The principle of cogeneration can be further extended by also considering trigeneration.
In addition to electricity and heat, such a unit also produces cold.
An absorption cooler is used for this, in other words the heat is used in such a machine to produce cold.
When the heat demand decreases in the summer, the CHP can still continue to run and use its heat to meet the demand for cold.

The strengths of CHP
The big advantage of a CHP is that with a joint generation of heat and electricity, the available resources are used much better.
As a result, less fuel is required with co-generation than with separate production of the same amount of heat/electricity.
It is known that the reserves of fossil fuels are limited, the message is to use them sparingly.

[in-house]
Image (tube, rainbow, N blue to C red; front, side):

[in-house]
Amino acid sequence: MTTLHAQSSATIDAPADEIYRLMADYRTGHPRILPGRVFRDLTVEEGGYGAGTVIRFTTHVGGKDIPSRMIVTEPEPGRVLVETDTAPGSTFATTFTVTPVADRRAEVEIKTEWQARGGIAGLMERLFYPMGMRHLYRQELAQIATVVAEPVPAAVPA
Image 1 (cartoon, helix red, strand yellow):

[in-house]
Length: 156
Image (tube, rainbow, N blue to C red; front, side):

In this respect, CHP is of course an interesting technology.
Most CHPs work on fossil fuels, but it is also possible to use renewable energy sources as fuel, just think of biomass or biogas.
Such an application offers a double advantage: not only is an environmentally friendly fuel used, but it is also optimally used.
Less fuel consumption also means that CO2 emissions and the emissions of other harmful substances (soot, NOX, SO2, CO) are reduced.
The listed substances occur in increasingly higher concentrations in air, water and soil.
Its impact on the environment, atmosphere and climate is considerable, just think of the greenhouse effect and the ozone problem.
The European Union’s climate policy has set three targets for 2020, known as the “20-20-20” targets.

These are:

  • 20% reduction in greenhouse gas emissions compared to 1990 levels;
  • 20% renewable energy production;
  • 20% improvement on energy efficiency.

A CHP installation can make a contribution here.
An increase in the number of CHPs will also ensure that electricity production shifts from central production to decentralized production.
This will lead, among other things, to a relatively strong reduction in losses in the high-voltage grid.